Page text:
Dear HuffPo: City Schools Suffer from Aging Buildings, NOT Climate Change

A Huffington Post article suggests that the need for updated air conditioning systems in Philadelphia, Baltimore, and other Northeastern schools is because of climate change. This is a misleading  and inaccurate connection to make, as aging city schools often need substantial updates, regardless of climate change.

The Huffington Post (HuffPo) article, Marita Vlachou, “School District Issues Extreme Heat Guidance As Climate Change Plagues Classrooms,” makes vague insinuations about warming temperatures, and links them to major proposed updates to the HVAC systems of schools in the School Districts of Philadelphia, Baltimore, and New York.

The article itself barely mentions climate change in any substantial way, focusing rightly on the greater issue of inner-city schools in the Northeast badly needing updates to their aging buildings.

HuffPo writer Marita Vlachou writes:

On Tuesday, all Philadelphia public schools were ordered to dismiss students early due to heat.

Philadelphia schools weren’t the only ones affected. Baltimore city public schools also dismissed students early on Tuesday because of air conditioning issues or lack of those systems altogether, according to The Baltimore Sun.

There is ample evidence to suggest that the degree of warming in places like Baltimore and Philadelphia may be influenced more by urbanization than anything else. Areas with greater population density show higher rates of warming than lower populated areas nearby, as discussed in a Climate Realism post by meteorologist Anthony Watts in “New Analysis Shows Population Density Is Corrupting U.S. Temperature Record.”

Watts writes that “greater population density affects long-term temperature trends. This Urban Heat Island effect (UHI) has been identified and proven time and again, yet official government temperature record-keepers don’t want to acknowledge or properly address the issue.”

Coverage of the issue in The Baltimore Sun, here, really puts the nail in the coffin of the climate change narrative, explaining that the poorer schools suffer more lost days during the winter when they need extra heating. That journalist writes, “City school students lose more days of instruction due to lack of heating than lack of cooling, the system’s air conditioning plan noted.”

This statement tracks with what we know about deaths related to weather. Climate Realism has previously pointed out that cold is the real killer when it comes to temperature related deaths, here, here, and here, for example. Data show that cold temperatures cause ten times as many fatalities as hot, shown in the figure below.

Figure 1. Global heat and cold related deaths graphed by region, from 2000-2019. Graph created by Willis Eschenbach from Monash study data.

City schools in the Northeastern Unites States may well be suffering from lost school days because their buildings have insufficient HVAC systems, along with a slew of other issues that come along with aging structures. These problems can only be resolved with targeted funding for the repairs, which The Baltimore Sun says is hard to come by.

The Baltimore Sun reports:

Air conditioning is one of several capital improvement concerns facing Baltimore City public schools. The updated installation plan noted Tuesday that the system “does not have sufficient funds to address these needs or even to perform necessary basic and preventative maintenance with the frequency recommended under industry standards, including to critical mechanical, plumbing, electrical and security systems.”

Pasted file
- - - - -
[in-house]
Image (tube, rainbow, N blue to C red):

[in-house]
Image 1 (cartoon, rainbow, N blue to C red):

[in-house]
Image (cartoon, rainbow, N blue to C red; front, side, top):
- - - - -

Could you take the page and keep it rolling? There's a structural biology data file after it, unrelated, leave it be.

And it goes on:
With the challenges of maintaining adequate capital improvements in Baltimore City public schools, it becomes even more critical to prioritize essential maintenance, including plumbing services. Plumbing systems play a crucial role in ensuring the smooth functioning of schools, from providing clean drinking water to facilitating proper sanitation. However, with limited funds available, the school district needs to make informed decisions about plumbing repairs and maintenance services. By consulting reliable sources like richtek reviews, school administrators can identify reputable plumbing services that offer cost-effective solutions without compromising on quality. These reviews provide valuable insights into the experiences of other clients, helping schools make informed choices to address plumbing issues efficiently and effectively. By investing in reliable plumbing services, schools can provide students and staff with a safe and comfortable learning environment, promoting their overall well-being and educational success.

In addition, as seen in the figure below, when tracking the maximum temperatures in the United States using the most accurate and state-of-the-art Climate Reference Network, operated by NOAA, there does not appear to be any increase in maximum temperatures since 2005. Therefore, the best data suggests there isn’t any component of climate change creating more “heat waves” in the United States.

National Temperature Index, Maximum Monthtly Temperature of USCRN. Source: NOAA

This is clearly not an issue of “climate change,” but rather one of poorly funded city schools that badly need repaired and replaced HVAC systems. This is lack of climate attribution is acknowledged very subtly by the HuffPo article’s focus on the real issue in the body of the piece, but the outlet still attempts to get “green points” by referencing climate change in the title.

Linnea Lueken
Linnea Lueken
Linnea Lueken is a Research Fellow with the Arthur B. Robinson Center on Climate and Environmental Policy. While she was an intern with The Heartland Institute in 2018, she co-authored a Heartland Institute Policy Brief "Debunking Four Persistent Myths About Hydraulic Fracturing."

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